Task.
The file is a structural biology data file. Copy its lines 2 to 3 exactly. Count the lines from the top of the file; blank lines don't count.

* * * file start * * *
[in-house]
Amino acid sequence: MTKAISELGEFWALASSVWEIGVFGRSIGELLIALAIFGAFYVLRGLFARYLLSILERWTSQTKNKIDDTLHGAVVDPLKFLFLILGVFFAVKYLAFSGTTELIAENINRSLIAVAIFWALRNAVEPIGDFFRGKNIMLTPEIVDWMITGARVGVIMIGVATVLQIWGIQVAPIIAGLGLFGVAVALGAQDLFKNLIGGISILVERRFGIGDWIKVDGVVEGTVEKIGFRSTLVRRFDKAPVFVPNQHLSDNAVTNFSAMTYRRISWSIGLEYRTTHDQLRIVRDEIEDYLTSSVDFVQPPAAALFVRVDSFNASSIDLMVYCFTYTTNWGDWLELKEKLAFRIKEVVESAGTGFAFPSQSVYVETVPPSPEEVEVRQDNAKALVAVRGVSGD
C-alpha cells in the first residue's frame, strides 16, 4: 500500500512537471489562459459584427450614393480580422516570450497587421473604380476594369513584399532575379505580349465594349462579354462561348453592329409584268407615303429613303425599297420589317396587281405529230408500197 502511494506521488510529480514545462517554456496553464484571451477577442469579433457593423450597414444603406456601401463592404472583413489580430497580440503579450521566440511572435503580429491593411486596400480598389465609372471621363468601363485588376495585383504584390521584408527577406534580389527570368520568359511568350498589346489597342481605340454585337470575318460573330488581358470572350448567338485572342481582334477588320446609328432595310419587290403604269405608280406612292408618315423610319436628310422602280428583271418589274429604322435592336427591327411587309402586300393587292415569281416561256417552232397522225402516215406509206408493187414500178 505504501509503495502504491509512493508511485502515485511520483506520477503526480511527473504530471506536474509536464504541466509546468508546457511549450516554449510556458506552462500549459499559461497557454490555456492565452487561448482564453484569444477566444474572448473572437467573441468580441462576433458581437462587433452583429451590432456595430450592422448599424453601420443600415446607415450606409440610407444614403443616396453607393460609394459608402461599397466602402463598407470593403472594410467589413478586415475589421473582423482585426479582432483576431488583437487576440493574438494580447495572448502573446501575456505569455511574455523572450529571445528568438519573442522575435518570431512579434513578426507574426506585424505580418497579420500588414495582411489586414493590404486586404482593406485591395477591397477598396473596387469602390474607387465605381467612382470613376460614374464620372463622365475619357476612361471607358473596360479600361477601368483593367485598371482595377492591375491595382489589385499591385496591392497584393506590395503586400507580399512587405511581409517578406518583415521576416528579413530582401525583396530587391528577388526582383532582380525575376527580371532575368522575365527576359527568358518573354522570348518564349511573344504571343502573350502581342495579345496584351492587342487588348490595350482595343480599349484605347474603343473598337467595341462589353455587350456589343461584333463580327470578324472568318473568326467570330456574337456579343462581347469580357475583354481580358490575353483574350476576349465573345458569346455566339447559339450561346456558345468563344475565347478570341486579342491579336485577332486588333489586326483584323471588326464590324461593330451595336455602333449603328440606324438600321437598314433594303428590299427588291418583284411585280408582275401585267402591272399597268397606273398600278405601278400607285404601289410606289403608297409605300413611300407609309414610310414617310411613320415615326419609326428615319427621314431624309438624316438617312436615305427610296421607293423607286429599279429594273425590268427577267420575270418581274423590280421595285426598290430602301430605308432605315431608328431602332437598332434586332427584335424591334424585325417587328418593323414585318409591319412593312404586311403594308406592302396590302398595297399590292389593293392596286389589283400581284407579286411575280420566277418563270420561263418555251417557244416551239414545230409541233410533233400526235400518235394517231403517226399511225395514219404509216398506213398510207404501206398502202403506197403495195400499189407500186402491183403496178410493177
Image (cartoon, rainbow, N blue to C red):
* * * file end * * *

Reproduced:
Amino acid sequence: MTKAISELGEFWALASSVWEIGVFGRSIGELLIALAIFGAFYVLRGLFARYLLSILERWTSQTKNKIDDTLHGAVVDPLKFLFLILGVFFAVKYLAFSGTTELIAENINRSLIAVAIFWALRNAVEPIGDFFRGKNIMLTPEIVDWMITGARVGVIMIGVATVLQIWGIQVAPIIAGLGLFGVAVALGAQDLFKNLIGGISILVERRFGIGDWIKVDGVVEGTVEKIGFRSTLVRRFDKAPVFVPNQHLSDNAVTNFSAMTYRRISWSIGLEYRTTHDQLRIVRDEIEDYLTSSVDFVQPPAAALFVRVDSFNASSIDLMVYCFTYTTNWGDWLELKEKLAFRIKEVVESAGTGFAFPSQSVYVETVPPSPEEVEVRQDNAKALVAVRGVSGD
C-alpha cells in the first residue's frame, strides 16, 4: 500500500512537471489562459459584427450614393480580422516570450497587421473604380476594369513584399532575379505580349465594349462579354462561348453592329409584268407615303429613303425599297420589317396587281405529230408500197 502511494506521488510529480514545462517554456496553464484571451477577442469579433457593423450597414444603406456601401463592404472583413489580430497580440503579450521566440511572435503580429491593411486596400480598389465609372471621363468601363485588376495585383504584390521584408527577406534580389527570368520568359511568350498589346489597342481605340454585337470575318460573330488581358470572350448567338485572342481582334477588320446609328432595310419587290403604269405608280406612292408618315423610319436628310422602280428583271418589274429604322435592336427591327411587309402586300393587292415569281416561256417552232397522225402516215406509206408493187414500178 505504501509503495502504491509512493508511485502515485511520483506520477503526480511527473504530471506536474509536464504541466509546468508546457511549450516554449510556458506552462500549459499559461497557454490555456492565452487561448482564453484569444477566444474572448473572437467573441468580441462576433458581437462587433452583429451590432456595430450592422448599424453601420443600415446607415450606409440610407444614403443616396453607393460609394459608402461599397466602402463598407470593403472594410467589413478586415475589421473582423482585426479582432483576431488583437487576440493574438494580447495572448502573446501575456505569455511574455523572450529571445528568438519573442522575435518570431512579434513578426507574426506585424505580418497579420500588414495582411489586414493590404486586404482593406485591395477591397477598396473596387469602390474607387465605381467612382470613376460614374464620372463622365475619357476612361471607358473596360479600361477601368483593367485598371482595377492591375491595382489589385499591385496591392497584393506590395503586400507580399512587405511581409517578406518583415521576416528579413530582401525583396530587391528577388526582383532582380525575376527580371532575368522575365527576359527568358518573354522570348518564349511573344504571343502573350502581342495579345496584351492587342487588348490595350482595343480599349484605347474603343473598337467595341462589353455587350456589343461584333463580327470578324472568318473568326467570330456574337456579343462581347469580357475583354481580358490575353483574350476576349465573345458569346455566339447559339450561346456558345468563344475565347478570341486579342491579336485577332486588333489586326483584323471588326464590324461593330451595336455602333449603328440606324438600321437598314433594303428590299427588291418583284411585280408582275401585267402591272399597268397606273398600278405601278400607285404601289410606289403608297409605300413611300407609309414610310414617310411613320415615326419609326428615319427621314431624309438624316438617312436615305427610296421607293423607286429599279429594273425590268427577267420575270418581274423590280421595285426598290430602301430605308432605315431608328431602332437598332434586332427584335424591334424585325417587328418593323414585318409591319412593312404586311403594308406592302396590302398595297399590292389593293392596286389589283400581284407579286411575280420566277418563270420561263418555251417557244416551239414545230409541233410533233400526235400518235394517231403517226399511225395514219404509216398506213398510207404501206398502202403506197403495195400499189407500186402491183403496178410493177